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Monday, February 13, 2012

Rediscovering the Spirit of Education

Long ago I came to the conclusion that the world was flat. Not the real world of course, but the world that we are taught about in our schools and in the mass media. I intuitively knew that something was missing, and that was the spiritual elements of life and learning. At our deepest level we are not machines, but spiritual beings. 

With this in mind I wrote an article for the Journal of Futures Studies, called “Crisis, Deep Meaning and the Opportunity for Change.” In the article I look at why education has become so despiritualised, and how educators can begin to honour the human spirit in their classes and lectures. I then link this into the current world economic crisis, and argue that the crisis is a great opportunity for us to begin to shift education for the better. Below, I have included the conclusion of that paper. I think you will find it easy to read, as I always try to write in accessible style, even in academic journals. If you want to read the whole paper, including the references, just click here

Here's the article extract. I hope you find it deeply meaningful!


P.S. This current volume of the Journal of Futures Studies features a symposium on responses to the global economic crisis. For some reason my version of Firefox doesn't open it, so you might have to use Explorer to get to the right page.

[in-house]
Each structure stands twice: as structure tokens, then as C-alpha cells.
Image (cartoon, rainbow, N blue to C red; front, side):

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Practically speaking
I am not advocating bringing a personal agenda for inculcating a particular religious or philosophical perspective through the classroom door. The process needs to be more considered, more subtle and more respectful than that.

The key is bringing in inner worlds and other ways of knowing into curriculum, and into the classroom. Introducing other ways of knowing into the classroom requires no religious or spiritual jargon. Nor does it necessarily require that students share everything that they experience while exploring the intuitive or being reflective. 

I use visualisation and quiet time for my students. Journal writing can also be a great way to get students to honour the intuitive, without necessarily having the need to bear their soul with the class. Using journals immediately after quiet time is a great way to develop the link between the left and right brains, the conscious and subconscious minds. 

Sharing meaningful anecdotes from personal life is another way of touching a more profound psycho-spiritual level within the students. Ideally, the themes should be something related to the kinds of profound philosophical and spiritual issues I have mentioned in this paper. Whenever the teacher touches upon the profound or something that connects us with the greater thread of human history, life itself or our dreams and aspirations, opportunities to be meaningful open up. Such themes can include the environment, nature, justice, space exploration, the death penalty, free-market economics, personal success, failure, suicide, illness, triumph, defeat, disability, serious challenges, personal danger and so on.